At ease

freedom from labor, pain, or physical annoyance; tranquil rest; comfort:
to enjoy one’s ease.
freedom from concern, anxiety, or solicitude; a quiet state of mind:
to be at ease about one’s health.
freedom from difficulty or great effort; facility:
It can be done with ease.
freedom from financial need; plenty:
a life of ease on a moderate income.
freedom from stiffness, constraint, or formality; unaffectedness:
ease of manner; the ease and elegance of her poetry.
to free from anxiety or care:
to ease one’s mind.
to mitigate, lighten, or lessen:
to ease pain.
to release from pressure, tension, or the like.
to move or shift with great care:
to ease a car into a narrow parking space.
to render less difficult; facilitate:
I’ll help if it will ease your job.
to provide (an architectural member) with an easement.
Shipbuilding. to trim (a timber of a wooden hull) so as to fair its surface into the desired form of the hull.

to bring (the helm or rudder of a vessel) slowly amidships.
to bring the head of (a vessel) into the wind.
to slacken or lessen the hold upon (a rope).
to lessen the hold of (the brake of a windlass).

to abate in severity, pressure, tension, etc. (often followed by off or up).
to become less painful, burdensome, etc.
to move, shift, or be moved or be shifted with great care.
ease out, to remove from a position of authority, a job, or the like, especially by methods intended to be tactful:
He was eased out as division head to make way for the boss’s nephew.
at ease, Military. a position of rest in which soldiers may relax but may not leave their places or talk.
freedom from discomfort, worry, or anxiety
lack of difficulty, labour, or awkwardness; facility
rest, leisure, or relaxation
freedom from poverty or financial embarrassment; affluence: a life of ease
lack of restraint, embarrassment, or stiffness: his ease of manner disarmed us
(military) at ease

(of a standing soldier, etc) in a relaxed position with the feet apart and hands linked behind the back
a command to adopt such a position
in a relaxed attitude or frame of mind

to make or become less burdensome
(transitive) to relieve (a person) of worry or care; comfort
(transitive) to make comfortable or give rest to
(transitive) to make less difficult; facilitate
to move or cause to move into, out of, etc, with careful manipulation: to ease a car into a narrow space
when intr, often foll by off or up. to lessen or cause to lessen in severity, pressure, tension, or strain; slacken, loosen, or abate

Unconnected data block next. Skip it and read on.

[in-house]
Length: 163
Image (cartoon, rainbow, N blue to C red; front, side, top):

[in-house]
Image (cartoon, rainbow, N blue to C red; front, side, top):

(archaic, euphemistic) ease oneself, ease nature, to urinate or defecate
(nautical) ease the helm, to relieve the pressure on the rudder of a vessel, esp by bringing the bow into the wind

early 13c., from Old French aise “comfort, pleasure, well-being; opportunity,” of unknown origin, despite attempts to link it to various Latin verbs.

The earliest senses in French appear to be 1. “elbow-room” (from an 11th century Hebrew-French glossary) and 2. “opportunity.” This led Sophus Bugge to suggest an origin in Vulgar Latin asa, a shortened form of Latin ansa “handle,” which could be used in the figurative sense of “opportunity, occasion,” as well as being a possible synonym for “elbow,” because Latin ansatus “furnished with handles” also was used to mean “having the arms akimbo.” OED editors report this theory, and write, “This is not very satisfactory, but it does not appear that any equally plausible alternative has yet been proposed.”

c.1300, “to help, assist,” see ease (n.). Meaning “to give ease” is from mid-14c.; the sense of “to relax one’s efforts” is from 1863. Farmer reports ease in a slang sense of “to content a woman” sexually, with an 1861 date. Related: Eased; easing.
Also, at one’s ease. Comfortable, relaxed, unembarrassed, as in I always feel at ease in my grandmother’s house. The related idiom put at ease means “make comfortable, reassure,” as in I was worried that the letter would not arrive in time, but the postmaster put me at ease. [ 1300s ]
For the antonym, see ill at ease
In a relaxed position in military ranks. The phrase is often used as a command for troops standing at attention to relax, as in At ease, squadron. The command stand at ease is slightly different. A British military dictionary of 1802 described it as standing with the right foot drawn back about six inches and one’s weight put on it. An American version is to stand with one’s feet slightly apart and the hands clasped behind one’s back.

ease off
ease out

also see:

at ease
ill at ease

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